What if the Superstitious Peasant Is only Half Wrong?

For a generation, C. S. Lewis’ Miracles: A Preliminary Study was, at a popular level, the best book on the subject of miracles. Last fall Eric Metaxas published Miracles: What They Are, Why They Happen, and How They Can Change Your Life. His work probably will be the new standard. Here’s just a brief excerpt:Miracles Metaxas

“What if we could accept that our childhood love of Santa Claus was indeed fantasy but not merely fantasy? What if we could accept that although Santa Claus didn’t really exist as Socrates existed, our desire for him to exist pointed to something that did exist, pointed to something that Socrates himself had longed for? What if those who simply believed in anything were only half- wrong, because their desire to believe pointed to something that was true, not just in the world itself but inside them?

 

And what if those who knew Santa Claus didn’t really exist were themselves only half-wrong, because their rejection of that kind of sloppy, childish belief pointed to a desire to only believe in what was real, what was really real and not just a myth or a childhood story, a desire to believe in things that are as true as the facts in history books and as real as the atoms and molecules we learned about in science books? What if the half-truth of the desire for something beyond us could meet up with the half-truth of the desire for only what is really real and true, which we can know and see and touch in this world too? What if those two halves could touch and become the one true truth we were both looking for?”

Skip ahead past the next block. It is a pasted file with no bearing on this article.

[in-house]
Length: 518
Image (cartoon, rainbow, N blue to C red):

What if the superstitious peasant is only half wrong? Yes, those who will believe anything are mistaken. But so are those who believe nothing. Metaxas demonstrates that the Bible teaches that there is a discerning, seeking, middle ground. Miracles is thoughtful, provocative, and very fun to read. I recommend it highly.

Book Review: “No Other gods”

I want to post something different this week on behalf of the Pastor’s Center. I recognize I am normally targeting male church leadership in pastoral roles. I am very aware that many of the leaders in other ministries within your context are godly women. So the post today is something I think will benefit those women ministry leaders in your church, wives of pastors, and frankly all female believers.

Kelly Minter joined us on Southeastern’s campus on April 8th for our spring semester’s all women’s chapel service. One of her books, No Other gods, focuses on the problem of idolatry and how it occurs in the life of a modern believer. It is a book worth considering.

Alyson Watkins, the administrative assistant for the Pastors’ Center, wrote a good review of this book for our Women’s Life blog. I thought it would be beneficial to share it here as well for God-seeking women in ministry; give it a read.